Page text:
Where we stand, June 30, 2022
In his latest, Fallows presents the case that our rules for governing are stuck in a time that we are very far from. Smarter-than-us countries have continuously updated and evolved their way of operating. He writes:
“But in governmental terms, this “young” country is not just mature but geriatric. I’m talking about the branches themselves, under the shaggy balance-of-powers, evolving-democracy system set up in 1787″
I guess we have come to this moment when the rules for our three branches of our government have been stretched too thin, giving the courts the chance to run wild. He suggests the court’s motto could be switched up to:
It means doing the thing that people have always done on the arduous path to greater justice: Find the way to hope, not as feel-good anesthetic but as tactical necessity.
The prison abolitionist Mariame Kaba reminds us that “hope is a discipline.” It is also a political strategy and a survival mechanism. As Kaba has said, “It’s less about ‘how you feel’ and more about the practice of making a decision every day that you’re still gonna put one foot in front of the other, that you’re still going to get up in the morning. And you’re still going to struggle … It’s work to be hopeful.”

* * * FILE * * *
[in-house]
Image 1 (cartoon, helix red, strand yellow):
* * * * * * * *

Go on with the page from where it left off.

Rebecca Traister is a writer-at-large for New York Magazine and the Cut and the author of Good and Mad, about the history and political power of women’s anger.
As a reminder, drawing with the eraser is as useful as the pencil itself.
Inspired by the Guston film I’m obsessing over.